When news broke that Robinson Cano eschewed Scott Boras in favor of Jay-Z and CAA, the consensus was that Cano would be here to stay. Perhaps it is a sign that Cano prefers pinstripes over say, Dodger blue, but that doesn’t mean the agency switch will bring him back cheaply. Even if he signs an in-season extension and foregoes the open market, it’s not like he’s going to come at a significant discount. Maybe he gets a year or two fewer than he would in free agency, but he’s still going to have an average salary anywhere between $20-25M. This is something the Yankees are particularly concerned with in relation to the Competitive Balance Tax Threshold of $189M.
I’ve already illustrated that the Yankees can sign Cano to a $25M AAV and maintain a payroll below $189M. However, we shouldn’t simply be worried about fitting Cano into the budget, or pleased that Cano dumped Boras. This is the real question: how does keeping Cano affect the Yankees’ chances in the near and long-term?
Obviously, the Yankees would be better off in 2014 with Cano and under $189M versus being without him and under the budget. But that’s a shortsighted view. This team is still stuck with the massive contracts of Alex Rodriguez, Mark Teixeira, and CC Sabathia. Hal Steinbrenner has made it clear that he believes his club don’t need an exorbitant payroll to be competitive. While this is the case for just about any team, it’s not the case for the Yankees given the payroll’s current constitution. Roughly $75M of the payroll is locked up through 2016 in Rodriguez, Teixeira, and Sabathia. In all likelihood, Cano will push that figure to $100M for 4 players, leaving $89M left for 21 other major-league roster spots, minus $12M or so in player benefit costs. Unless Hal is satisfied with a tax rate reset, allowing the Yankees to go back over in 2015, $100M in 4 players is a major issue. Unfortunately, given Hal’s statements, going back over the threshold in 2015 seems doubtful.
It’s going to be pretty difficult to field a World Series contender if Cano stays and Hal sticks to his plan. Sure, a lot of money will be coming off the books following 2016 (Teixeira and if Sabathia’s 2017 option does not vest) and 2017 (Rodriguez). But by then, Cano will already be in his mid-30s and his prime in the rear view mirror. Sure, Cano may be worth the money over the next 2 to 3, maybe even 4 seasons. But during that time, there’ll be significantly diminishing returns from Teixeira and Sabathia. Plus, who knows what A-Rod will bring to the table (likely little). Yes, the Yankees could still possibly be good during this time, but I highly doubt they’ll be great. If the team’s chances look bleak during Cano’s prime, much in thanks to the self-imposed budget, why pay him? By the time Teix, CC, and A-Rod are off the books, Cano will be far from the player we see today.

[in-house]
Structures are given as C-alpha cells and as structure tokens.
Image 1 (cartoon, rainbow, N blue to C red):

It’s not like the Yankees could patch up these flaws via free agency, anyway. Not only will ownership be restraining its financial muscle, but fewer quality and star players are hitting free agency. Given the budget, the Yankees wouldn’t really be able to afford any star-caliber players after Cano, but the inability to afford guys in the $10-13M range (ex: Nick Swisher) would be very problematic. This creates more pressure on internal development. While the organization does have some very good prospects in Gary Sanchez, Mason Williams, Tyler Austin, and Slade Heathcott, there’s no guarantee that they’ll become big contributors early in their careers (when Cano theoretically will still be at his best). In fact, perhaps only 1 or 2 of them ever even make it to the show.
As much as I like Cano, it might simply be in the franchise’s best interests to let him walk at the end of the season. Unless something drastic occurred, I wouldn’t trade him for prospects midseason – this year’s team should compete despite many being up in arms after two games. Let Cano sign elsewhere, take the compensation pick, and move on. The team would be significantly worse in 2014, but the Yankees would also be without yet another aging superstar around 2016, better molded to reshape the club’s roster building strategy.
Despite topping Forbes’ valuation list for MLB clubs at $2.3B, Hal’s cost-cutting goals indicate that the potential savings outweigh the importance of winning. He may say that the team can win and stay below $189M, but the truth is that it’ll be very difficult given the massive obligations already on hand. Instead of Cano’s return being a slam dunk, we unfortunately must come to grips with letting a star go. As Steve Goldman of Pinstriped Bible points out, the Cardinals and Rangers did this with Albert Pujols and Josh Hamilton respectively. It’s a shame to say that the Yankees should probably do the same.
By edogisgod (Hal Steinbrenner) [CC-BY-2.0], via Wikimedia Commons